For Richer, not Poorer: forcing Ex to refi or sell to pay money owed
August 5, 2014 8:59 PM   Subscribe

Basically, he needs to pony up $23k a year ago and it doesn't look like he has any intention of doing so.

In their divorce, my girlfriend's ex-husband retained the family home: a mobile w/land. He had three years to refinance the property and cash her out. If, at the end of three years, he was unable to refinance, he was then to place the property on the market to sell and cash her out from the proceeds. He is now a year and a half past the three year mark.

Understandably, she would like to be removed from the mortgage and have the funds in hopes of buying her own home which is impossible at the current time.

Is this a lawyer-necessary issue? Financing a lawyer may become a concern if this is a lengthy process but consulting with a lawyer is a very real possibility to get an idea of what's involved. Can he be sued for the expense?

This is in Washington State... and if anyone has divorce lawyer recommendations for the Lynnwood/Everett/Marysville area, they would be greatly appreciated!
posted by Mysterious Trousers to Law & Government (7 answers total) 3 users marked this as a favorite
Best answer: The divorce decree and/or statute likely contain consequences and enforcement procedures to implement if the court's orders aren't followed.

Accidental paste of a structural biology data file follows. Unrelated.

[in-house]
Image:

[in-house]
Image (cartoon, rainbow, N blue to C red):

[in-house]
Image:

Your girlfriend may not need to hire a lawyer to do this for her, but she should definitely have a consultation (or a few) to determine what the consequences are and what to do next.
posted by freshwater at 9:02 PM on August 5, 2014 [1 favorite]

A lawyer should be a free consultation, and this seems to be the sort of thing that lawyers are for.
posted by jenkinsEar at 9:03 PM on August 5, 2014 [1 favorite]

Sometimes the threat of a lawyer is as effective as actually getting a lawyer. She could start by send him a certified letter reminding him of his obligation.
posted by myselfasme at 9:12 PM on August 5, 2014 [1 favorite]

Yes, first send a registered letter. She has an entitlement to the money but she has not exercised that entitlement which can be used against her. I don't agree that she may not need a lawyer, she has not been proactive in the past about defending her entitlement and the legal system can be complicated to outsiders. For $23,000, it would be worth the lawyer fees, even if she is not awarded costs (basically, the judge makes the ex pay her legal bills).
posted by saucysault at 9:34 PM on August 5, 2014 [2 favorites]

I would sell a car, or get a second job, or whatever it took to afford a lawyer. This could get fairly complicated, especially if he's difficult or has a lawyer himself.
posted by Pogo_Fuzzybutt at 7:29 AM on August 6, 2014 [2 favorites]

I'd do a consultation with a lawyer.

It's possible that she can put a lien on the property or garnish his wages to get payment.

There are options, but a lawyer will be in the best position to recommend the next course of action.
posted by Ruthless Bunny at 7:43 AM on August 6, 2014 [1 favorite]

Best answer: Lawyer. Specifically, a collections/creditor's rights lawyer. This is a collections matter, not a family law matter, since she already has a judgment against the ex and the divorce is finalized.
posted by Safiya at 8:19 AM on August 6, 2014 [2 favorites]

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